Some Georgia church leaders opt out of broad new gun law
ATLANTA (Reuters) - Leaders of two Christian denominations in Georgia said this week that guns had no place in their churches and they would opt out of a new state law allowing firearms in houses of worship as part of a broad expansion of gun rights.
The law, which takes effect on July 1, permits lawful gun owners to bring weapons into public places such as churches and bars, but allows church officials and bar owners to ban guns from their buildings.
Atlanta's Catholic archbishop, Wilton Gregory, wrote in the diocese's newspaper on Wednesday that he opposed the measure, which was passed by the state's Republican-led legislature and signed last month by Republican Governor Nathan Deal.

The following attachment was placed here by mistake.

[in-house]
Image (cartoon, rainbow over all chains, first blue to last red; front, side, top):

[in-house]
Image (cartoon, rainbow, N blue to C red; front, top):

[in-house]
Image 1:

"The last thing we need is more firearms in public places, especially in those places frequented by children and the vulnerable," Gregory said, adding he will allow only police and military officials to bring weapons into diocesan churches.
The state's two Episcopal bishops have announced similar decisions for that denomination's churches in Georgia.
"My judgment and this policy are based on the normative understanding of the teachings of Jesus as the Episcopal Church has received them," the Reverend Robert Wright, bishop of the church's Atlanta diocese, wrote on Monday.
Previous Georgia law banned firearms from churches and bars outright. Critics of the new law, including the Georgia Association of Chiefs of Police, said it gives gun owners too much leeway and could make the jobs of police harder.
Governor Deal's spokesman said the law allowed churches to proceed exactly as the Catholic and Episcopal leaders have done.
"As we've said, the bill allows for local control and self-determination," spokesman Brian Robinson said on Friday.